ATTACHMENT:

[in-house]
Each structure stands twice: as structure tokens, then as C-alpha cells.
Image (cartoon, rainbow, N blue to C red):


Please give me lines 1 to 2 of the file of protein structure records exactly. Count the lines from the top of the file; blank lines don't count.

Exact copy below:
[in-house]
Each structure stands twice: as structure tokens, then as C-alpha cells.